I’d like to participate in this new fitness trend but my daily workout usually consists of walking on the treadmill at the gym in order to get a glimpse of satellite television for 30 minutes.   I don’t have a “leg day” or “chest & back day” as much as I have “Celebrity News on E! day” and “Alaska: The Last Frontier day.”  Which is more entertaining and doesn’t have all the horrible side effects.

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Head of Household.

Posted on | September 10, 2014 | 3 Comments

The yellow jackets have lost their minds.  With the insects and nectar that they usually feed upon beginning to dwindle, they are hungry and irritable.  In addition, their colonies have had the entire summer to expand into huge hives hidden underground or in leaf debris.  Although the worker bees may not realize only the inseminated queen will survive the winter, they sure act as if their days are numbered and they are going to take as many humans down with them that they can.

I hit the first nest with the lawnmower in the front yard.  Luckily, I was casually pushing the mower, ran over the nest, and kept going.  Clueless.  It was only when I finished that row of grass and turned to start the next row that I looked back and saw a huge swarm of yellow jackets, angrily buzzing in my wake.  Either I ran directly over the nest or close enough to it that I had triggered the attack.  But since I moved away slowly (mowing the lawn in full sun and high humidity is not a game of speed), the yellow jackets seemed confused about my role in the drama.  Swift movements attract yellow jackets exiting the nest in defense because even bees know that only guilty people run.  Being a slow-moving, nonchalant, blob about 20 feet away was less suspicious.  Which goes to show that ignorance is a defense on occasion.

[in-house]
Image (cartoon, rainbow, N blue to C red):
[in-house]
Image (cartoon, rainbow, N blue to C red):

The second nest was a bit more problematic.

I staggered out of bed after night shift to find Pretty and her friend rushing inside, slamming cabinet doors, and babbling excitedly.  I wasn’t going to ask what happened before I had a cup of tea, but they quickly told me that they had run into a bunch of yellow jackets and been stung multiple times.

“How many times?”  I asked.

“Oh, like 10, no 13, maybe more!”

Now I was awake.

“What?  Where?”  Then, “Oh, jeez, you’re not allergic to bee stings, right?”  I asked Pretty’s friend.

She assured me that she wasn’t and the girls went on to tell me that they had been up on the barn roof.  They started kicking off the piles of leaf debris from last fall.  Of course, they hit a yellow jacket nest and were swarmed by the bees.  Pretty managed to climb back down the ladder off the roof and fled into the woods.  Her friend just jumped off the roof and ran through the back yard.  Apparently they spent some time tearing off pieces of clothing and shaking out their hair to free trapped bees before stumbling into the house looking for anti-itch cream.  Sure enough, their hands and arms, legs and knees, necks and faces were covered with angry red blotches. Read more